As an investor in global mining opportunities for several decades, our associate Bill Cara has toured properties and been underground in mines across North America and built a large personal network within the gold mining industry. He is recognized as an investment leader in this asset class.

For various reasons, we do own shares of several Goldminers presently. Many miners are active in copper production and are benefiting from the +50% move in copper over the past year. Moreover, our gold mining positions are relatively small at present (short-term hedges) and we have no intention to purchase further Goldminer stocks on price strength.

 

Briefly there are 15 fundamental ranking criteria and 6 technical rankings we reviewed using data at the close on September 7 (Thursday).

Fundamental Rankings:

  1. Revenue Growth, which is based on the evolution of the turnover of the company between the last year and the three coming years according to consensus estimates. The higher the growth is (from a relative viewpoint), the better the rating is. The goal is to rank companies according to estimated sales and to identify companies with the highest growth.
    1. Winners: only FSM
    2. Losers: ABX and KGC
  2. Valuation, which is based on the ratio between enterprise value and its turnover for the current fiscal year and the next one. The lower the valuation is, the better the rating is. The goal is to rank companies according to valuation and to identify companies with the lowest valuation.
    1. Winners: possibly only KGC
    2. Losers: CDE, FSM, FNV, RGLD and SLW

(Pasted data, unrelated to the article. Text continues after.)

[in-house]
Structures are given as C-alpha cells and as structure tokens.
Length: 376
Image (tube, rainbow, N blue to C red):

3. Finances, which is based on the evolution of the net debt of the company (debt or cash) and its EBITDA, compared to its revenue. The higher the cash is, the better the rating is. The goal is to rank companies according to financial situation and to identify companies with the highest growth. The goal is to rank companies according to the quality of their financial situation.
    1. Winners: FNV and PAAS
    2. Losers: maybe FSM, but most Goldminer producers are in good financial shape
  4. Profitability, which is based on net margin of the company for the current year and the next one according to consensus estimates. The higher the ratio is, the better the rating is. The goal is to rank companies according to the “Net income/revenue” ratio to identify those which have a high payoff.
    1. Winners: the royalty streaming companies SLW, FNV and RGLD
    2. Losers: maybe only KGC, but most are relatively profitable
  5. Earnings Quality, which is based on quality of past earnings released by the company compared to analysts’ estimates. The better earnings release is, the higher the rating is. The companies closest to the consensus will have an average score. The goal is to identify companies that publish regularly above consensus.
    1. Winners: none, but HL is the best
    2. Losers: other than SLW, all of them are bad
  6. Business Predictability, which is based on the dispersion of analysts’ estimates on the evolution of the company business in the coming years (range estimates). The more estimates are concentrated, the more the rating is high. The goal is to rank companies according to the predictability of their business and identify companies whose business is highly predictable.